DR Congo appoints new army chief as part of military reforms

The wave of appointments is part of a broader framework of military reforms, said a presidential spokesman.

DRC soldiers
DRC soldiers on patrol against the Allied Democratic Forces and National Army for the Liberation of Uganda rebels near Beni in North Kivu province, December 31, 2013 [Kenny Katombe/Reuters]

The Democratic Republic of the Congo’s President Felix Tshisekedi has replaced the head of the country’s armed forces as part of broader military reforms aimed at boosting efficiency.

In a statement from the presidency on Monday, Christian Tshiwewe Songhesha, former commander of the Republican Guard, an elite unit in charge of protecting the head of state, was named as the new army chief of staff, replacing Célestin Mbala Musense.

The new deputy chief of staff in charge of operations, Jerome Chico Tshitambwe, comes from the same unit.

“Almost the entire staff has been replaced by young officers. Several are from the Republican Guard, but not all, and that’s because they have proven themselves,” the president’s deputy director of communications, Giscard Kusema, said.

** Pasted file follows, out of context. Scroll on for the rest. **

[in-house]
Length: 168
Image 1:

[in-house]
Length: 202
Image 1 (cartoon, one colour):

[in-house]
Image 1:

The DRC’s army is fighting multiple armed groups, mainly in its restive east where ethnic militias and other armed groups are battling for control near the borders with Uganda and Rwanda.

According to a recent count by the United Nations, there are at least 120 armed groups in the DRC’s restive east and military operations by neighbouring states like Uganda, Rwanda and Burundi are not uncommon.

The wave of appointments in DRC’s army is part of a broader framework of military reform, Kusema told Reuters. A new military programming law was recently drawn up for the period 2022-2025.

“For years, all the experts have been asking for a military programming law that gives more financial autonomy to the army and flexibility in procedures,” said Kusema.

Source: Al Jazeera and news agencies